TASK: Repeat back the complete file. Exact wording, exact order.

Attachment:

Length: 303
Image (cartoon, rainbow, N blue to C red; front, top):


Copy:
Length: 303
Image (cartoon, rainbow, N blue to C red; front, top):